7 Stages’ new season begins Sept. 15 with the Pulitzer Prize finalist Bengal Tiger at the Baghdad Zoo and ends May 13 with another edition of the company’s multidisciplinary Curious Human Encounters.
The lineup, co-artistic director Michael Haverty said in a statement, is a timely brew of new opera, immersive docu-theater, local talent, and spoken word from New Orleans.
The company, in Atlanta’s Little Five Points neighborhood, is approaching its 39th season of devising and presenting original productions that inspire conversation and often have an international tilt. 7 Stages theater space is at 1105 Euclid Ave. NE. Information on season passes and single tickets is not yet available (box office: 404.523.7647). Here’s a look at the coming attractions.
Bengal Tiger at the Baghdad Zoo
SEPT. 15-OCT. 8 | The lives of two U.S. Marines and their Iraqi translator are irrevocably changed when they meet a tiger who haunts Baghdad’s rubble-strewn streets. As the tiger witnesses the absurdities of war, it encounters Americans and Iraqis searching for friendship, redemption and a toilet seat made of gold. The script by Cleveland-born Rajiv Joseph (Gruesome Playground Injuries) was a finalist for the 2010 Pulitzer Prize and, in 2011, had a 3.5-month limited run on Broadway with Robin Williams as the tiger. Haverty directs.
Home Brew Festival
NOV. 10-19 | 7 Stages retools its popular new-play-reading series, moving it from scattered weekends throughout the season to a two-week festival of new works and guest-artist workshops. This is where Tara Ochs’ White Woman in Progress first met an audience, and where Atlanta playwrights Suehyla El-Attar, Theroun Patterson (Red Summer and others) and Topher Payne have introduced virgin scripts. The event is great fun, puts you in the know and is rumored to include free beer.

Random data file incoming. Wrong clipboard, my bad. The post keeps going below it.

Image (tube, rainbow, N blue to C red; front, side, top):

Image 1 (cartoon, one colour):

The Followers: Retelling The Bacchae
FEB. 2-25, 2018 | A new interdisciplinary dance/opera by Atlanta playwright Margaret Baldwin that combines opera, dance, puppetry and physical theater to tell a story of blind faith, abuse of power and the tragic cycle of vengeance. Dionysus, god of wine and ecstasy, performs miracles and brings bloody vengeance, while his followers question the unpredictable actions and intentions of their leader. Israeli guest artist Ofir Nahari is Dionysus in this piece, adapted from Euripides’ ancient Greek tragedy The Bacchae. Haverty directs the new work, with music composed by Klimchak, musical direction by Bryan Mercer and choreography by Nahari.
Gomela / To Return: Movement of Our Mother Tongue
MARCH 15-18, 2018 | New Orleans’ Junebug Productions uses spoken word, and African dance and music to celebrate the beauty and resilience of black people past and present. Expect percussive stories that feature hope, courage and expression. Directed by Stephanie McKee, Junebug’s executive artistic director.
Curious Human Encounters
APRIL 27-MAY 13, 2018 | The 2018 version of this annual festival features interactive/immersive performances commissioned from Atlanta artists in various fields. It focuses on sharing quintessentially Atlanta stories by mixing professional artists with a cross-section of Atlantans — including police, refugees, teenagers, senior citizens, politicians and the homeless. The group will gather over the course of a year to create performances that share their experiences. A videographer will document their activities and create short Web-based videos released throughout the season. In culminating performances, theater, dance and storytelling will be combined to share the work with audiences. Curated by artistic director Heidi S. Howard.